The chief “pillar” of Thompson’s proposal is that the United States should not spend less than 4.5 percent of its gross domestic product on defense—not including the vast sums committed each year for the wars in Iraq and Afghanistan. Another crucial pillar is that the U.S. should expand Army and Marine Corps to form a “million‐member” force.
4.5 percent of GDP is an astonishingly large sum. The U.S. already spends as much on the military as the rest of the world combined, but even that vast outlay apparently does not satisfy Thompson and others who want to lavish more money on the Pentagon. Under his plan—and a similar scheme advanced by the Heritage Foundation earlier this year— the U.S. military budget would soar by nearly $100 billion. The total would approach $600 billion—plus at least another $150 billion for Iraq and Afghanistan. Worse, the 4.5 percent figure is a floor; the actual defense budget of a Thompson administration could be even more.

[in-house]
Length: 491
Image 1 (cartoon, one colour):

Thompson’s approach turns proper defense budgeting on its head. Instead of crafting a defense strategy and then determining how much we need to spend to implement it, Thompson picks an arbitrary budget figure. He would apparently decide on policy priorities later.
To the extent he thinks about the specifics of security strategy at all, Thompson uncritically accepts all of Washington’s current defense commitments. But there are numerous obligations that reek of obsolescence. Why, for example, does the United States need to keep nearly 100,000 troops in Europe more than 15 years after the collapse of the Soviet Union?